Evaluation of ceramic sacrificial coatings for improved alkaliinduced corrosion protection in biofuel-fired boilers
Paper i proceeding, 2013
In the combustion of bio-based fuels the critically exposed burner parts in small boilers are typically uncooled and are usually made of FeCrNi alloys. These materials can suffer attack from the ashes because of the formation of alkali chromate. The reaction depletes the protective oxide in chromia, leading to accelerated corrosion. Selected "acidic" ceramic coatings based on Ti, Si, B and P have been evaluated for use as sacrificial layers to prevent the initial reaction of alkali and chromium. An accelerated oxidation test method including mild thermal shock has been utilized that previously proved useful to provide application-relevant results. A comparison of coated and uncoated specimens was performed with an austenitic high temperature steel as a substrate. The results indicate that the alkali released from the ash reacts with the respective "acidic" elements in the deposited coatings. This reaction has promoted initial formation of a thin and continuous chromium-rich protective oxide sub-layer. In addition, the oxide scale formed on the coated specimens appeared more coherent and crack-free. A significant enrichment of Ni at the steel-oxide interface also occurred that can promote high temperature corrosion resistance.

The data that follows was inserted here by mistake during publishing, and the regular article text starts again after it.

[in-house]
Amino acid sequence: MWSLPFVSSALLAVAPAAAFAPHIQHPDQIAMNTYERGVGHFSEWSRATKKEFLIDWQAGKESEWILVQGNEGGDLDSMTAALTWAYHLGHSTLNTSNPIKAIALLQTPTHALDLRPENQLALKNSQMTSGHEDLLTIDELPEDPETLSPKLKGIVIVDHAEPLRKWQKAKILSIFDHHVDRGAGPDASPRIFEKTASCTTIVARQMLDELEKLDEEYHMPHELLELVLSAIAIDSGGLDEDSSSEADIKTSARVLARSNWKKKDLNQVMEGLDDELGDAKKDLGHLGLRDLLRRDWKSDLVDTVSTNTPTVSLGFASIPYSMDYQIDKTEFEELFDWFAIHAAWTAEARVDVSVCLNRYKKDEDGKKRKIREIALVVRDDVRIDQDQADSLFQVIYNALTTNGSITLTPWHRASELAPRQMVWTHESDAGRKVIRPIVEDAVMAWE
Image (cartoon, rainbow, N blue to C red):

Corrosion resistant alloys
High temperature corrosion-resistant alloys
High temperature corrosion resistance